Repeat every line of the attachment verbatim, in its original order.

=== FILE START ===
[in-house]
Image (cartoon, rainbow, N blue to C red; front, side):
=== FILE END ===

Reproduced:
[in-house]
Image (cartoon, rainbow, N blue to C red; front, side):